And that's pretty much real world usage. I unplug at home use it all day for blogging, feed reading and music streaming and by the end of the day I'm usually at about 10% left. Yep, all day usage. :). BTW, I had whined (yeah, I know I do that allot) that there was something weird going on with the XBox Music app? Where it would stream the first song and then stop after 1 second of the next? Well it's not doing that any more either... The Music app seems to now work as expected. Weird. Anyway, back to the battery story...

Speaking of power settings, here's a snap of those "Intel" settings I was talking about.

10-3-2013 1-50-25 PM10-3-2013 1-51-44 PM

With Hyper-v removed (i.e. it's original delivery state)...

imageimage

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So you can see why that kind difference freaks me out a little...?

"GREG, we get it! Enough with the battery and power stuff already!"

Got it, but I'm not done whining yet. For a real box, one that's maybe not a desktop replacement, but one that's good enough for 90%, I need more than 128GB drive space and 4GB of RAM. That's just not going to cut it long term (Oh and I said how much the keyboard layout bugs me? ;)

Yet, with that whining, I'm still sold on this chipset. I'm still sold that even though I have a 3rd gen notebook, that upgrading in this upgrade cycle is well worth it. That I'm going to pony up my own funds to upgrade. That while there's allot that bugs me about this ultrabook, when I go back to my 3rd gen, I miss a good deal about the ultrabook.

Why? It's the combination of everything in this cycle. The sum is greater than... and all that.

  • First, the Haswell chipset. Enough said about that already.
  • The display. The 1920 x 1080, High DPI display and resolution is really nice.
  • The weight. The weight difference between the ultrabook and my 3rd gen, well there's really no comparison.
  • Touch laptops. I loving having a touchscreen on my laptop. It's a perfect additional/alternate input method. Some things are just SO much easier when you can just reach out and...
  • Windows 8.1. Windows 8.1 brings it all together and binds it into a great package.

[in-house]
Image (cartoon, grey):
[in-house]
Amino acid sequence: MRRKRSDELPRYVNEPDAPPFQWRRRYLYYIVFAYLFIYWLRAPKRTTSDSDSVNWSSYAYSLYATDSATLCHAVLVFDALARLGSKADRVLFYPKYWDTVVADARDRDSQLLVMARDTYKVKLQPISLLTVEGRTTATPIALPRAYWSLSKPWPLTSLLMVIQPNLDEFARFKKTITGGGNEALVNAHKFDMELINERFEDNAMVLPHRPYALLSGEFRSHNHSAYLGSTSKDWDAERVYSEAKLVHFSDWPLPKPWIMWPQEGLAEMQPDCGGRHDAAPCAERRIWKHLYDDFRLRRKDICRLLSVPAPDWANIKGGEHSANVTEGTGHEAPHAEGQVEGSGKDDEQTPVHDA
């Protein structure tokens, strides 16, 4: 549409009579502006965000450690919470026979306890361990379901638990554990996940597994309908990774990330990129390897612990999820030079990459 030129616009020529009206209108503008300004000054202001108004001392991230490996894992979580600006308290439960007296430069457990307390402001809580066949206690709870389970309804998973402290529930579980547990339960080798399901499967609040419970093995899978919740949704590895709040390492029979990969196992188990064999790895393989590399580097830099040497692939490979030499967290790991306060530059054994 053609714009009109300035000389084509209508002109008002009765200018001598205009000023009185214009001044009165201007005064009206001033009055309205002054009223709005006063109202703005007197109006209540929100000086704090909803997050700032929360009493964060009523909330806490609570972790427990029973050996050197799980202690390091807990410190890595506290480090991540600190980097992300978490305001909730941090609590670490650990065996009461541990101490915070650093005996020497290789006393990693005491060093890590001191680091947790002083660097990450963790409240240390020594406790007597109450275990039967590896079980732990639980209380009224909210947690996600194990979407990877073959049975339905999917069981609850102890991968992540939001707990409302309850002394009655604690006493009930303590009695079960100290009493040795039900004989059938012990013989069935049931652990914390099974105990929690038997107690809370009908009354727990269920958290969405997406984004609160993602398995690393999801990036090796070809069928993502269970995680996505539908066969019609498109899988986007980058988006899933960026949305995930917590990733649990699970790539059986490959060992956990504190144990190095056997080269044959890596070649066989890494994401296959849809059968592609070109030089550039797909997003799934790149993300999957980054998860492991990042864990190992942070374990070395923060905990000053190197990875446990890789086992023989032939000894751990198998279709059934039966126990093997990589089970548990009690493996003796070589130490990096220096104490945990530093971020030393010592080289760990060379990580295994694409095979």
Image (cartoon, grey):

In the end, I'm very impressed in the potential and am looking forward to picking up a commercial grade Haswell notebook in the very near future...

Well that's about it. I'd like to thank Developer Media and Intel for giving me this opportunity to get an early glimpse into the future, to get some great hands on time with Haswell. Doh! That should have been one of my post titles, "Hands On with Haswell". Oh, oh maybe even better, "Haswell is swell!" Or maybe... [many more really lame attempts at post titles deleted... you get the idea]

Last, but not least, I'd like to thank you. With you, doing these posts, and blogging in general, would just be silly. It's you, the reader, your comments, support and feedback that make this all worth it.

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Disclosure of Material Connection: I received one or more of the products or services mentioned above for free in the hope that I would mention it on my blog. Regardless, I only recommend products or services I use personally and believe my readers will enjoy. I am disclosing this in accordance with the Federal Trade Commission’s 16 CFR, Part 255: “Guides Concerning the Use of Endorsements and Testimonials in Advertising.

Published at DZone with permission of Greg Duncan, author and DZone MVB. (source)

(Note: Opinions expressed in this article and its replies are the opinions of their respective authors and not those of DZone, Inc.)